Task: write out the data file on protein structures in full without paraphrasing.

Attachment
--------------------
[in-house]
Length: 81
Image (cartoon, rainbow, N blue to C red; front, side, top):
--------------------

[in-house]
Length: 81
Image (cartoon, rainbow, N blue to C red; front, side, top):